Sersic profile

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The Sérsic profile (or Sérsic model or Sérsic's law) is a mathematical function that describes how the intensity ${\displaystyle I}$ of a galaxy varies with distance ${\displaystyle R}$ from its center. It is a generalization of de Vaucouleurs' law. José Luis Sérsic first published his law in 1963.[1]

Sérsic models with different indices ${\displaystyle n}$.

Definition

The Sérsic profile has the form

${\displaystyle \ln \ I(R)=\ln \ I_{0}-kR^{1/n},}$

where ${\displaystyle I_{0}}$ is the intensity at ${\displaystyle R=0}$. The parameter ${\displaystyle n}$, called the "Sérsic index," controls the degree of curvature of the profile (see figure). The smaller the value of ${\displaystyle n}$, the less centrally concentrated the profile is and the shallower (steeper) the logarithmic slope at small (large) radii is:

${\displaystyle {\frac {\mathrm {d} \ln I}{\mathrm {d} \ln R}}=-(k/n)\ R^{1/n}.}$

Today, it is more common to write this function in terms of the half-light radius, Re, and the intensity at that radius, Ie, such that

${\displaystyle I(R)=I_{e}exp\left\{-b_{n}\left[\left({\frac {R}{R_{e}}}\right)^{1/n}-1\right]\right\},}$

where b is approximately 2n-1/3. It can be shown that ${\displaystyle b_{n}}$ satisfies ${\displaystyle \gamma (2n;b_{n})={1 \over 2}\Gamma (2n)}$, where ${\displaystyle \Gamma }$ and ${\displaystyle \gamma }$ are respectively the Gamma function and lower incomplete Gamma function. Many related expressions, in terms of the surface brightness, also exist.[2]

Applications

Massive elliptical galaxies have high Sérsic indices and a high degree of central concentration. This galaxy, M87, has a Sérsic index n~ 4. [3]
Discs of spiral galaxies, such as the Triangulum Galaxy, have low Sérsic indices and a low degree of central concentration.

Most galaxies are fit by Sérsic profiles with indices in the range 1/2 < n < 10. The best-fit value of n correlates with galaxy size and luminosity, such that bigger and brighter galaxies tend to be fit with larger n. [4] [5] Setting n = 4 gives the de Vaucouleurs profile:

${\displaystyle I(R)\propto e^{-bR^{1/4}}}$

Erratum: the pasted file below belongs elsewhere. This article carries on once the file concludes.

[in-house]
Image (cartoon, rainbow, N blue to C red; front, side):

which is a rough approximation of ordinary elliptical galaxies. Setting n = 1 gives the exponential profile:

${\displaystyle I(R)\propto e^{-bR}}$

which is a good approximation of spiral galaxy disks and a rough approximation of dwarf elliptical galaxies. The correlation of Sérsic index (i.e. galaxy concentration[6]) with galaxy morphology is sometimes used in automated schemes to determine the Hubble type of distant galaxies.[7] Sérsic indices have also been shown to correlate with the mass of the supermassive black hole at the centers of the galaxies. [8]

Sérsic profiles provide the best current description of dark matter halos, and the Sérsic index correlates with halo mass.[9] [10]

Generalizations of the Sérsic profile

The brightest elliptical galaxies often have low-density cores that are not well described by Sérsic's law. The core-Sérsic family of models was introduced [11][12][13] to describe such galaxies. Core-Sérsic models have an additional set of parameters that describe the core.

Dwarf elliptical galaxies and bulges often have point-like nuclei that are also not well described by Sérsic's law. These galaxies are often fit by a Sérsic model with an added central component representing the nucleus. [14] [15]

The Einasto profile is mathematically identical to the Sérsic profile, except that ${\displaystyle I}$ is replaced by ${\displaystyle \rho }$, the space density, and ${\displaystyle R}$ is replaced by ${\displaystyle r}$, the internal (not projected on the sky) distance from the center.